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Magician Laura London, one of the Magic Circle's volunteer librarians, reunited with the book. Photo credit: The Magic Circle/Darren Martin.

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The Magic Circle, a club for magicians, had owned the book but sold it over 30 years ago.

For the past five years the Circle, headquartered in London, has been in negotiations to buy it back from a private collector.

The book is finally back on display in its Centre for the Magic Arts in Euston after spending lockdown in the V&A Museum where a specially designed display case was created.

Scott Penrose, a magician and former president of The Magic Circle, said: "Most people in magic know the importance of The Discoverie of Witchcraft. It is great to finally have it back here after so many years.”

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The Discoverie of Witchcraft back at The Magic Circle offices. Photo credit: The Magic Circle/Darren Martin.

In the 1584 book its author, a country gentleman and MP from Kent, argued that belief in magic was both irrational and un-Christian. He suggested non-magical reasons and causes for both magical phenomena and accusations of witchcraft, including psychological and sociological causes.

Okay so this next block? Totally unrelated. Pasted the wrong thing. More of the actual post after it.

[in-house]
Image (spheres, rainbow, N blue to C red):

The book was widely read in the late 16th and early 17th centuries and it is believed that it influenced William Shakespeare to create the witches of Macbeth, the mock trial in King Lear and for elements in A Midsummer Night’s Dream.

The price paid by The Magic Circle was not disclosed but first-edition copies are rare.

Another first-edition copy of the book is currently offered by book dealer Sokol Books with a price of £57,500 and other examples are owned by the British Library and American magician David Copperfield.

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The Magic Circle's head office in London. Photo credit: The Magic Circle/Darren Martin.